And now for the obligatory health warning: because this uses raw eggs, use the best and freshest eggs possible.   Also, in the interest of full disclosure, I need to include the note I made to myself the last time I made this recipe, which reads, in the unexpurgated version: “Drink in moderation.  This is so delicious that you’re flat on your butt before you know it.” 

Abra’s Dangerously Delicious Egg Nog

1 dozen eggs, separated
1 quart heavy cream
1 quart whole milk, or less to taste
3/4 cup sugar
1/2 cup rum
3/4 cup brandy
lots of fresh nutmeg

In a very large bowl, blend together the egg yolks, half of the milk, sugar, rum, brandy, and nutmeg and let rest in the fridge for 2-3 hours.  Beat the egg whites to soft peaks and fold into the yolk mixture.  Beat the cream to soft peaks and fold in.  Add some or all of the remaining milk, to adjust the egg nog to the consistency you prefer.  Serve with a grating of nutmeg on each glass.  If you serve this on Christmas Eve be sure to make plenty, as the leftovers go perfectly with Christmas morning festivities.

Why We Love Lyon

December 19, 2008


It’s got two rivers, the Rhône, and the Saône.  How do they love each other?  Take a close look at this sculpture.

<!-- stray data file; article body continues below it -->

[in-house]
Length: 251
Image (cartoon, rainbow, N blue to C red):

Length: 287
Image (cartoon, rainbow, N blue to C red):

They’ve got a special brilliant red praline that they melt on pastry, that makes it look like Christmas every day.  I’ve brought some home, and will be doing my own impossibly vivid Christmas baking with it.


It’s a whirligig slice of life.  We go up there, we come back down.  In between, almost anything can happen.  And it usually does.


It’s also a city that takes itself seriously, and we take it seriously too, because serious things always happen to us there.


Even the chocolates are very, very serious.  We eat one piece per day and count our blessings.


When you find yourself in need of comfort, and chocolate, and the comforts of chocolate, Lyon knows what to do about it.


When you find yourself in need of a walk in the wintry air, beautiful old doors are everywhere you look.  Today a beautiful door opened, just for us, just in time for the holidays.

Remember when I told you about Sylvie?  Well, Shel’s been seeing her ever since.  Don’t ask me to explain.  Don’t ask Shel to explain.  Probably, don’t even ask Sylvie to explain, because it’s impossible.  But for a couple of months now she’s been doing whatever it is she does, and now, three scans in a row, the tumor in Shel’s throat has gotten smaller.  Each time.  Smaller and smaller. 

Enough smaller that today in Lyon the surgeon told us that he can remove it, and Shel won’t lose his voice.


It’s Christmas and chocolate, all rolled into one.  And then some.

Christmas For Sale Or Rent

December 16, 2008


Somewhere in France there’s an authentic Christmas market, but it’s not in Aix en Provence.  Believe me when I tell you that this was one of the least tacky things at that particular market; the others would really hurt your eyes, and you don’t deserve that.


The real Christmas markets are in the north, in Alsace.   That’s why at this market, which isn’t in Alsace at all but in Lyon, they are serving an Alsatian-style warm wine.  I’m not saying that the south doesn’t have authentic Christmas traditions of its own, but the Christmas market just doesn’t seem to be one of them.